Of Mice and Men Star James Franco & More Snap Selfies on Steinbeck’s Birthday

first_img View Comments Leighton Meester Of Mice and Men Chris O’Dowd James Franco Screen stars James Franco, Chris O’Dowd and Leighton Meester are all making their Broadway debuts in Of Mice and Men this spring, and judging by their Instagram and Twitter feeds, the trio is already hard at work preparing for their new roles. In honor of John Steinbeck’s 116th birthday on February 27, Franco, O’Dowd and Meester hit the books and took selfies while reading some of the legendary author’s celebrated works. (And uh, in the case of Franco, dressed as a gangster and renamed the book Of Mice and Menz.) See their tributes to Steinbeck, then catch the new production beginning March 19 at the Longacre Theatre! Related Shows Star Files Show Closed This production ended its run on July 27, 2014last_img read more

John Hollar to run for mayor of Montpelier

first_imgFormer school board chair John Hollar today announced his candidacy for mayor of Montpelier. He made the announcement at Onion River Sports. Hollar, 51, spoke about the positive qualities of Montpelier, including its parks, active citizens, and vibrant downtown.  He also referenced two major challenges the city faces:  Montpelier’s high tax rate, which he said is among the highest in Vermont, and its declining infrastructure. ‘These two competing demands will present us with some very difficult choices in the months and years ahead,’ he said.  ‘But we cannot afford to shy away from them because they are hard.’ Hollar said he chose the sporting goods store as the venue for his announcement because the store epitomizes what is great about Montpelier ‘ its thriving downtown business, great employees and high quality service and merchandise.  Hollar also said that he is an avid biker and cross-country skier.  Hollar said that he would spend the next eleven weeks of the campaign ‘talking to as many people as I can to determine what our community values, and what our priorities are.’ Hollar has practiced law in Montpelier for 21 years and is a partner with Downs Rachlin Martin PLLC, where he is co-chair of its Regulated Entities and Government & Public Affairs groups. He is a graduate of the University of Oklahoma (BA 1982) and Georgetown University (JD 1989). He’s lived in Montpelier since 1990.Hollar is married to Jennifer Prescott Hollar, a 5th generation Montpelier resident, and they have three sons.The City of Montpelier uses a city manager type of government. The mayor is elected by the entire city every two years and sits on the City Council. The other six councilors represent three electoral districts and are also elected every two years. The council is the legislative body and the city manager runs the government.12.20.2011last_img read more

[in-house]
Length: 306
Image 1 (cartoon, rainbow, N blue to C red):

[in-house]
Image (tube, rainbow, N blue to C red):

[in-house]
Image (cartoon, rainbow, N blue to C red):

Trinity winds up over tax bill row

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Translation easy for Baumann